The truth is European muslims do not boast well built mosques or places of worship. They are across the continent confined to shabby buildings which are often below building standards.

I have above pointed out that nobody can define what a minaret looks like. That which adorns the Irish Islamic Centre in Clonskeagh bears a certain resemblance in my mind to the King Hussein II mosque in Casablanca. Then again maybe it doesn't. You'd have to know your minarets (perhaps as much as your national flowers) and appreciate the subtle variation between national styles & I daresay the Clonskeagh minaret is no more than an example of an "Irish minaret" which refreshingly departs from the tradition of round towers.

author by Edelweisspublication date Tue Dec 01, 2009 23:22author address author phone Report this post to the editors

Edelweiss is a white flower found high in the Alpine hills. It's not unreasonable to choose that for a name to post about something relating to Switzerland. Never said it was the swiss national flower. Always tilting at windmills and showing off iosaf. :-)

Minarets are less about the practise of your religion and more about territorial markings.
Nobody is stopping muslims practising their religion in Switzerland. They have allowed 450000+ muslims to live there which is quite a large number and speaks for itself. This vote is just saying to them in no uncertain terms that there is a line that you should not cross. respect our sovereignty and national character. Come here to live by all means but don't try to change our society much or we'll get pissed about it. Good for them. They should implement my "dhimmi tax" idea too and show muslims how unpleasant some of the ideas involved in their religion are too.

I'm not saying christianity is particularly great either, but the swiss have as much right to reject the nibbling away of their majority belief system by Islam as muslims in their countries have of rejecting theirs being nibbled away by christianity. And the "dhimmi tax" enshrined in muslim beliefs usually ensured that that didn't happen in previous times. And as for what they did to atheists? well...
In any case, "what's good for the gander..." as the saying goes.

Iosaf, before berating the swiss vote further why not try building a christian church in Iran and see how smoothly it goes for you. As for the vote about arms sales, well I agree, that was cynical hypocritical and indefensible (sic).

author by Maryam Namazie - Council of Ex-Muslims of Britainpublication date Fri Dec 18, 2009 13:59author address author phone Report this post to the editors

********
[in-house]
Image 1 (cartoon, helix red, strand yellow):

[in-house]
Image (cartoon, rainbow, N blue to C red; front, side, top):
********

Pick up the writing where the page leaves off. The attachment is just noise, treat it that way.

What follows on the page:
Please find below a report from the Council of Ex-Muslims of Britain’s second Annual General Meeting along with our statement on the Swiss vote to ban minarets. At the AGM, we adopted our annual report and motions on apostasy, Sharia law, and the right to asylum for apostates and elected 11 members to our Management Committee. This information is now available on our website.

The AGM unanimously adopted a statement expressing the organisation’s concern over the Swiss vote to ban minarets. The statement said:

‘Far-right proposals to ban minarets are divisive, reactionary and in line with the 'Clash of Civilisations' agenda, which hands over 'Muslims' or those labelled as such to the political Islamic movement and denies the universality of the demand to live a life worthy of the 21st century.

‘Believing in Islam or any religion for that matter is not a crime. Neither is it a crime to have minarets in mosques. What are crimes, however, are groups or individuals using religion to threaten people to death, intimidate them, violate their rights, and discriminate against them. Society has to address these crimes and prosecute those who threaten or terrorise people - not ban minarets!

‘Political Islam is a political phenomenon that demands a political response. This response must include targeting the discrimination, abuse and criminal acts that take place against children in Islamic schools, against citizens in Sharia councils and tribunals, against apostates and freethinkers, gays and women who are killed in the name of honour...’

‘The Enlightenment didn't ban church towers in order to successfully push Christianity into the private sphere. The same must be done with political Islam.’

More details of the AGM at: